Advisers and lawmakers in plea to make e-payments easier for foreigners

Shen Mengdan Tian Shengjie
Two Sessions hears suggestions of ways to enhance the electronic payment experience for foreign visitors as stores and restaurants switch from cash to online transactions.
Shen Mengdan Tian Shengjie

Shanghai political advisers and lawmakers at the ongoing "Two Sessions" suggested ways to improve the e-payment experience of foreigners visiting the city.

Jiang Shan, a political adviser, said that while digital payment is prevalent in China, it can be a barrier for visitors from countries and regions who still use cash and credit cards.

Cash payments made up 59 percent of point-of-sale transactions in 2022, according to the European Central Bank. China led mobile payments globally, with 77.5 percent of mobile phone users using e-payments daily, according to UnionPay.

"With the widespread use of Alipay and WeChat Pay, the number of vendors using point-of-sale (POS) devices for transactions has fallen. Many store owners do not keep enough cash as well," said Jiang, a member of the Chinese People's Political Consultative Conference's Shanghai Committee.

"International visitors face difficulties in using digital payment because of language and digital identification issues."

He suggested creating "digital IDs" based on single-source Exit-Entry Administration data to allow short-term international travelers to open bank accounts.

The bank accounts can be topped up for three to six months. International travelers can then register with Alipay and WeChat Pay and use "code scanning" payment in Chinese stores like locals.

Jiang also suggested that one-stop guides and support services at airports, train stations and special events for overseas travelers can help them download, register and activate digital payment accounts.

"For folks who can't shift to digital payment," Jiang said, "our government can give rechargeable cards like Hong Kong's Octopus card, useful at all transit and convenience stores. This can be handy."

He suggested service booths be set up at airports, hotels and banks where international passengers can buy and top up their cards and get their refunds on departure.

Cao Hui, a deputy to the Shanghai People's Congress, the city legislature, also pointed out that the payment issue for overseas tourists needs to be taken seriously. His suggestion was discussed and supported by many deputies during Tuesday's panel discussion of the Pudong delegation.

Cao is a doctor at Renji Hospital. He said some foreign experts, who were invited to participate in medical exchanges in Shanghai, told him recently that they were unable to use or were not accustomed to Chinese mobile payments.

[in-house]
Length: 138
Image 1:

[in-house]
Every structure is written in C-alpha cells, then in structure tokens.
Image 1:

For example, if registering a payment app with an overseas mobile phone number, expats may not be able to receive verification codes. If binding mobile payments with a foreign bank card, the expats may be charged a commission and some functions and payment amounts may be limited, he said.

Cao said: "Those who come to Shanghai for work or travel in the short term have no necessity to register for a Chinese mobile payment app. But not every store has a POS machine and cash."

Since July 2023, Alipay and WeChat Pay have been allowing customers to activate digital wallets with foreign bankcards. Around 36,000 international credit card POS devices were available in Shanghai's key commercial districts as of last November.

Shanghai is one of the world's first places to observe China, he said. It is an important issue to attract more foreign tourists to visit and enjoy the city, Cao said.

Cao suggested that to let foreign tourists experience China's online services for taxi, takeout and shopping, more telecommunications operator branches should be established, as well as more guidance signs at airports and other ports of entry.

The local transport and tourism departments can jointly launch a travel card for foreigners for public transport, taxis and scenic spot tickets, he said. The card can be sold or recharged at the city's ports of entry.

Cao said: "This year, many international events will be held in Shanghai, such as the Formula 1 Chinese Grand Prix and the Olympic Qualifier Series for Paris 2024. It can be predicted that a large number of foreigners will visit the city, which is a good opportunity to let them feel the warmth of the city."

Special Reports